As Roger Black pointed out, “The problem here is exactly what the AIGA was trying to address [in a recent debate about its own design competitions]: how do you judge design, when all the qualities may not be on the surface? A print advertising competition, a book cover competition, or even a book design competition are easier to judge than, say, a web site, where how it works is as important a part of the design as how it looks. With typefaces, the TDC is relying on the experience of judges to assess these issues. A stylish new stencil font (which was a winner this year), is easier to vote for than a new agate font, which really must be seen in use… And as for web fonts, God spare the judges.”
It’s easy to forget that during the judging process, the jury is seeing a whole host of entries all at once, which have to be judged quickly, intuitively, without any time to put them through their paces and see how they work in the real world. (The equivalent in book-design competitions is that the judges don’t have time to sit down and try to read any of the books, which is the ultimate test. It’s always easier, and tempting, to judge by the display typography or the images or the title page.)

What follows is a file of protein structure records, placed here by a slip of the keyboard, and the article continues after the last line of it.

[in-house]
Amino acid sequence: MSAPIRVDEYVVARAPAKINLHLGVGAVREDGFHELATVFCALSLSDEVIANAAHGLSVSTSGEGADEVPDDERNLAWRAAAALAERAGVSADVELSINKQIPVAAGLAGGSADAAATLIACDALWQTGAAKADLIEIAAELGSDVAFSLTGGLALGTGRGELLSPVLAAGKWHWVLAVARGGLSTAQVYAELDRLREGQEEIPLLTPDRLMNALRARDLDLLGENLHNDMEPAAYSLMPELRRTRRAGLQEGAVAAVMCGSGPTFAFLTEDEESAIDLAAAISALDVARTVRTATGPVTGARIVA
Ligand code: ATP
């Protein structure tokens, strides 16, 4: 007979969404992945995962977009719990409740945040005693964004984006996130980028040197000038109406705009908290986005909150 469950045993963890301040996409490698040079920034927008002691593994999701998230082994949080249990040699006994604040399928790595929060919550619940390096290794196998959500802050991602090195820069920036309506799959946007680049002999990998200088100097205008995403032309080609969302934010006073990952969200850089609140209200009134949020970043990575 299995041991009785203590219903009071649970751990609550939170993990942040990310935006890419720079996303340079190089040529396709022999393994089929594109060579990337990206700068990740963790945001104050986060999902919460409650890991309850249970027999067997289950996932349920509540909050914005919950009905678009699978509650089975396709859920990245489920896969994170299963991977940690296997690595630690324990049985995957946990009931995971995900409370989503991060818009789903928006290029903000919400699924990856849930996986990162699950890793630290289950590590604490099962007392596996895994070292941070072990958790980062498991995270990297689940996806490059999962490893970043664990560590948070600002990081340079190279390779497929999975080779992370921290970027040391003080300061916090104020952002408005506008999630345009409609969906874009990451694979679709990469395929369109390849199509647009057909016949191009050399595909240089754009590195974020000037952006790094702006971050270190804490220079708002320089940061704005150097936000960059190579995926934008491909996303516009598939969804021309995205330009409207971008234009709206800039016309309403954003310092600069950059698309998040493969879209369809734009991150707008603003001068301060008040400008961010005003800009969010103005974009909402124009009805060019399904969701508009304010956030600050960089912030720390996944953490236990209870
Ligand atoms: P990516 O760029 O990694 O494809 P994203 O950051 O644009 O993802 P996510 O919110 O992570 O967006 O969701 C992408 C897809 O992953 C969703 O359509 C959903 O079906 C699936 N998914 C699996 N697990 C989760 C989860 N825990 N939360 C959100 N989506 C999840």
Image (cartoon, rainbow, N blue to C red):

A counter to this, for the individual submitters, is to produce a specimen showing off their typefaces the way they would most like to see them used. But too many of them don’t do this very well. “Some perfectly good typefaces were probably unfairly rejected,” according to Paul Shaw, “but the fault lay with the submitters more than with the jury. Many submitters do not showcase their typefaces properly.” The designs of the typeface showings need to be “both compelling and appropriate.” Paul said that he had voted for some typefaces that he was already familiar with and thought were excellent, but that the other judges didn’t agree. “Upon reflection, I realized that the showings were a let down. I was able to see beyond that because I had previously seen what the fonts were capable of. This may seem unfair, but it is the same way that fonts are often judged in the marketplace. It is not enough to be a good typeface. It is essential that a typeface show why it is good and what it is good for.”